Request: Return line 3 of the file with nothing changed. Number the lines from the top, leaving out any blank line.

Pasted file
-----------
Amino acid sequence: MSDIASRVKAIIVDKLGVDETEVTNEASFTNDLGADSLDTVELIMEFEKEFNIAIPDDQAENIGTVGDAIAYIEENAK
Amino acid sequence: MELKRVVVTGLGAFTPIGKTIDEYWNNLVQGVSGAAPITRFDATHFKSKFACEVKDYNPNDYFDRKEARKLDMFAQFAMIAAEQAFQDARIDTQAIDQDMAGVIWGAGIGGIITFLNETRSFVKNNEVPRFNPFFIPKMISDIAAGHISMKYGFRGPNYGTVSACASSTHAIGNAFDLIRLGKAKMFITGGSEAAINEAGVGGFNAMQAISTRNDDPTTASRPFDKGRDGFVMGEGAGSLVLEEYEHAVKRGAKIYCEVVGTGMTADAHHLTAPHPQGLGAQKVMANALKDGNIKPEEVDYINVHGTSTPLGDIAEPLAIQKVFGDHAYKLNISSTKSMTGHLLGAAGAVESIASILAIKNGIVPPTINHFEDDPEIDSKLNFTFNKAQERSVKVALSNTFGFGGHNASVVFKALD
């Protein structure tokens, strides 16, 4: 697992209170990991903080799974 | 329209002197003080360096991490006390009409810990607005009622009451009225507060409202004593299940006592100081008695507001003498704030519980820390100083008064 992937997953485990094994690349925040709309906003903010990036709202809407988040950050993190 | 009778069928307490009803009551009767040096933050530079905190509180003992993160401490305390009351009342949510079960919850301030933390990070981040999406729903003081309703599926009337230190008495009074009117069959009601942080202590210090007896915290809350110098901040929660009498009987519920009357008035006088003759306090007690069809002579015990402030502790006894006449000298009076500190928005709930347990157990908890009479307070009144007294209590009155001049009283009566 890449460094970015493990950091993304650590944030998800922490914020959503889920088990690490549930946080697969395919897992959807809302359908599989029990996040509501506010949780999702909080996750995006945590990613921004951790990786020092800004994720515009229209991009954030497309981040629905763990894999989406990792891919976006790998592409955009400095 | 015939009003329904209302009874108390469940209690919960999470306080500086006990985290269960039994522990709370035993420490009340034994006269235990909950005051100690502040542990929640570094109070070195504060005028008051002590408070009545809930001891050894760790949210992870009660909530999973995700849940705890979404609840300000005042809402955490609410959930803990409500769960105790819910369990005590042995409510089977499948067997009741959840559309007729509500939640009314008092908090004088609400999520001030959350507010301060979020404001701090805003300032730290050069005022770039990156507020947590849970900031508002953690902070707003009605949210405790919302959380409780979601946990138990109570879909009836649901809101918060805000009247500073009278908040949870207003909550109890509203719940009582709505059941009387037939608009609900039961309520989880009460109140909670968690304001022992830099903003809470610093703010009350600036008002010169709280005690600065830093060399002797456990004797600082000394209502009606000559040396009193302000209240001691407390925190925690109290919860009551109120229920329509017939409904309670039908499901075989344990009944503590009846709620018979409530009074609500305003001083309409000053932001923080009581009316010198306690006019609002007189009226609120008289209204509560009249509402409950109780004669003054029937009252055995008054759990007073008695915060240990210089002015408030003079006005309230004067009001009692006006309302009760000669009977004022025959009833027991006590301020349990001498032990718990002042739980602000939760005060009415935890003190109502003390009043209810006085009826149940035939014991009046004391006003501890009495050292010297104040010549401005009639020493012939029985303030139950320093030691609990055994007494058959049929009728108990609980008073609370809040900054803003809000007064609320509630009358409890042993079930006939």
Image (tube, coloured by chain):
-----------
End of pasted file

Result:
């Protein structure tokens, strides 16, 4: 697992209170990991903080799974 | 329209002197003080360096991490006390009409810990607005009622009451009225507060409202004593299940006592100081008695507001003498704030519980820390100083008064 992937997953485990094994690349925040709309906003903010990036709202809407988040950050993190 | 009778069928307490009803009551009767040096933050530079905190509180003992993160401490305390009351009342949510079960919850301030933390990070981040999406729903003081309703599926009337230190008495009074009117069959009601942080202590210090007896915290809350110098901040929660009498009987519920009357008035006088003759306090007690069809002579015990402030502790006894006449000298009076500190928005709930347990157990908890009479307070009144007294209590009155001049009283009566 890449460094970015493990950091993304650590944030998800922490914020959503889920088990690490549930946080697969395919897992959807809302359908599989029990996040509501506010949780999702909080996750995006945590990613921004951790990786020092800004994720515009229209991009954030497309981040629905763990894999989406990792891919976006790998592409955009400095 | 015939009003329904209302009874108390469940209690919960999470306080500086006990985290269960039994522990709370035993420490009340034994006269235990909950005051100690502040542990929640570094109070070195504060005028008051002590408070009545809930001891050894760790949210992870009660909530999973995700849940705890979404609840300000005042809402955490609410959930803990409500769960105790819910369990005590042995409510089977499948067997009741959840559309007729509500939640009314008092908090004088609400999520001030959350507010301060979020404001701090805003300032730290050069005022770039990156507020947590849970900031508002953690902070707003009605949210405790919302959380409780979601946990138990109570879909009836649901809101918060805000009247500073009278908040949870207003909550109890509203719940009582709505059941009387037939608009609900039961309520989880009460109140909670968690304001022992830099903003809470610093703010009350600036008002010169709280005690600065830093060399002797456990004797600082000394209502009606000559040396009193302000209240001691407390925190925690109290919860009551109120229920329509017939409904309670039908499901075989344990009944503590009846709620018979409530009074609500305003001083309409000053932001923080009581009316010198306690006019609002007189009226609120008289209204509560009249509402409950109780004669003054029937009252055995008054759990007073008695915060240990210089002015408030003079006005309230004067009001009692006006309302009760000669009977004022025959009833027991006590301020349990001498032990718990002042739980602000939760005060009415935890003190109502003390009043209810006085009826149940035939014991009046004391006003501890009495050292010297104040010549401005009639020493012939029985303030139950320093030691609990055994007494058959049929009728108990609980008073609370809040900054803003809000007064609320509630009358409890042993079930006939």